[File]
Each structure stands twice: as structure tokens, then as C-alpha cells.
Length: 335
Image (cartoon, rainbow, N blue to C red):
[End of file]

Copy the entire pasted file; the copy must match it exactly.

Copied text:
Each structure stands twice: as structure tokens, then as C-alpha cells.
Length: 335
Image (cartoon, rainbow, N blue to C red):